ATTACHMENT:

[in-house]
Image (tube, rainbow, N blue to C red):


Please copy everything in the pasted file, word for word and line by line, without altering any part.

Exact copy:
[in-house]
Image (tube, rainbow, N blue to C red):